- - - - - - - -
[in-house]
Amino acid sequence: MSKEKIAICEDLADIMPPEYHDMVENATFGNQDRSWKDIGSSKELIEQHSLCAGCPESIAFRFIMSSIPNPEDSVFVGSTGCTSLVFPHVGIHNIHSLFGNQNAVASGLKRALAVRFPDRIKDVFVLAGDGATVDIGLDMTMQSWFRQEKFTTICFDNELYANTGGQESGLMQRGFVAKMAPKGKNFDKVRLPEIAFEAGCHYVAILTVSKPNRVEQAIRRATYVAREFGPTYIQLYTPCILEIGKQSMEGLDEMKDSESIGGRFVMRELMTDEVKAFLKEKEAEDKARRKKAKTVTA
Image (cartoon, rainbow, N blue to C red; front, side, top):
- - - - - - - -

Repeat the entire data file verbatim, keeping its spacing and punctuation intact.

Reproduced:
[in-house]
Amino acid sequence: MSKEKIAICEDLADIMPPEYHDMVENATFGNQDRSWKDIGSSKELIEQHSLCAGCPESIAFRFIMSSIPNPEDSVFVGSTGCTSLVFPHVGIHNIHSLFGNQNAVASGLKRALAVRFPDRIKDVFVLAGDGATVDIGLDMTMQSWFRQEKFTTICFDNELYANTGGQESGLMQRGFVAKMAPKGKNFDKVRLPEIAFEAGCHYVAILTVSKPNRVEQAIRRATYVAREFGPTYIQLYTPCILEIGKQSMEGLDEMKDSESIGGRFVMRELMTDEVKAFLKEKEAEDKARRKKAKTVTA
Image (cartoon, rainbow, N blue to C red; front, side, top):